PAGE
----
Forecasting and thinking about the future

The accuracy of weather forecasts is a reasonable question and can be easily answered for the short run? Posing the same question about economic forecasts for the coming year, for example, provides such a range of answers that it makes you wish you had not asked it. There is little consistency in the answers given, at least after reading a series of articles thrown up on the subject by an internet search engine. Warren Buffett’s view of certain forecasts is the following at –

“We have long felt that the only value of stock forecasters is to make fortune-tellers look good. Even now, (Berkshire Hathaway vice chairman) Charlie (Munger) and I continue to believe that short-term market forecasts are poison and should be kept locked up in a safe place, away from children and also from grown-ups who behave in the market like children.”

And yet in order to make decisions for the short and longer run, everyone has to assess the future as best they can. This is also true when advising the next generation. How then to proceed given the present state of the world and how it may evolve?

Over the past few weeks, I have read numerous reports on the prospects for 2013. Initial conclusions are that there is a herd instinct to point to similar overall forecasts for countries and regions, but enough commentary on details to become confused about what might actually happen in regions of the world and in specific industries and their firms.

Regions, countries, industries and firms

A first issue is whether it makes sense to talk about the prospects for countries and regions. A region such as Europe and Asia has many countries, some coupled by economic and trade agreements. North America consists of two countries, linked to Mexico through NAFTA to make three. Russia is on its own but talked about in terms of the BRIC countries of Brazil, Russia, India and China. Geographically, the world is also split into so-called sovereign nation states, some of which have remarkably straight boundaries, as in Africa and between Canada and the US.

 Increasingly, economic interaction does not correspond to national borders as seen by the growth of international trade, and investment of all types from direct investment to short term monetary transactions. Does it make sense then to talk about the prospects for countries or even regions of the world, when borders have become so porous to trade, financial transactions, the movement of persons and communications?

Communications technology has further increased the erosion of borders and barriers established politically. Local political decision-making can be effective when discussing garbage pick-up, street cleaning, water and sewage services, but in many areas where states claim sovereignty often they cannot enforce it and may willingly relinquish it by signing international agreements. While some favour creating more countries, such as Quebec, Scotland and regions of Spain, others negotiate further cooperation between countries. Compared with the1950s when the total number of sovereign countries was in the double digits, the number is now about 200 with numerous agreements which actually weaken the sovereignty which nations claim to want.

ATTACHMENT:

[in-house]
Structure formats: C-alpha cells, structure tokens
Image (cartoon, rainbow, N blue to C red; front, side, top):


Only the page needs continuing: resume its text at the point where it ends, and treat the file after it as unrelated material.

Another way to look at and forecast global economic prospects is to ask how firms are going to perform and prosper and the industries to which they belong. A firm engages in producing a product (good and/or service) or a range of products and is diversified. It is more or less vertically integrated, now referred to as being part of a supply chain. A multinational firm will have its activities spread over geographical and political space, and its fortunes will depend on how it manages these operations which have a technical, spatial and political dimension. Some are more successful than others. Note that Ed Whitacre, the former CEO of ATT, was fingered in 2009 to become the CEO of GM when it emerged from bankruptcy proceedings. He served in this capacity until Sept 2010 with the aid of a $52bn investment from the US government and $9.5bn from the Canadian government. Whitacre had no previous experience of the automobile industry but had management skills which allowed him to lead the GM turnaround. How is it possible to predict the likelihood of success when a new leader is put in place, and was success due to his leadership?

Back to the economic prospects for 2013 and the longer run. I feel there may be less uncertainty about by how firms and industries are likely to perform, than how countries and regions may prosper. Those who think otherwise can diversify their investments in an ETF that covers a number of firms in an industry, country or region of the world or some combination of these three, or they can invest in a fund with a mix such as Thai equities and fixed income instruments. The opportunities for different strategies are numerous but the investor looks for help from forecasts. The investment opportunities for which individuals may have the most information is not a region, country, industry or firm but things like real estate in the area where they live, and hobbies which they pursue such as books, jewelry, stamps and art collecting.



Leave a Reply

Fill in your details below or click an icon to log in: Logo

You are commenting using your account. Log Out / Change )

Twitter picture

You are commenting using your Twitter account. Log Out / Change )

Facebook photo

You are commenting using your Facebook account. Log Out / Change )

Google+ photo

You are commenting using your Google+ account. Log Out / Change )

Connecting to %s

%d bloggers like this: